LAS VEGAS -- A think tank report issued Wednesday ranked Las Vegas as having one of the 20 weakest economies among the nation's 100 largest metropolitan areas.
The study from the Brookings Institution in Washington, D.C., based on the final quarter of 2011, is consistent with similar findings that are being reported this week by the 8NewsNow I-Team as part of its special series, "Game Changers: Fixing the Economy."
Brookings reported that the nation's economic recovery, while slow, "may be picking up speed" with February representing the third straight month the economy added more than 200,000 jobs. But metro areas hit hardest by the housing crisis, including Las Vegas, are among those continuing to experience weak economic recoveries.
Las Vegas also had another characteristic shared by weak-performing cities: losses of government jobs. A small increase in state government jobs in Southern Nevada was more than offset by a 3.5 percent decline in local government positions over the final quarter of 2011. Las Vegas, along with metro areas in California and Florida that were also hit hard by the housing market collapse, also continued to have among the nation's highest unemployment rates.
Of the nation's 100 largest metros, 65 by the end of last year fully recovered the economic output they lost during the Great Recession. But Las Vegas was one of only six metros that had recovered less than a quarter of their lost output. Las Vegas, along with Modesto and Stockton, Calif., were also the only three metros whose housing prices remained more than 60 percent below peak levels.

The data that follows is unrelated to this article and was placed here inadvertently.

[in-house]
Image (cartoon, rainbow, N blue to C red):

A companion report also released by Brookings Mountain West, a collaboration of the think tank and UNLV, identified Phoenix and Boise, Idaho, as two other Intermountain West cities that also had housing market collapses but have managed quicker recoveries than Las Vegas. Brookings defines the Intermountain West as the states of Nevada, Arizona, Idaho, Utah, Colorado and New Mexico.
Brookings Mountain West stated that the housing market in Las Vegas "can't seem to turn around."
The good news for Las Vegas is that it experienced job growth in each of the last four quarters, with employment growth rates accelerating in October through December. Las Vegas also had the region's largest unemployment rate decrease in 2011. But its double-digit unemployment rate remained the largest in the region. Las Vegas had a 13.1 percent unemployment rate in January, nearly five percentage points above the national average.
Las Vegas had economic output growth of six-tenths of 1 percent in the final quarter of 2011, but that was less than half the growth enjoyed in Utah's metros.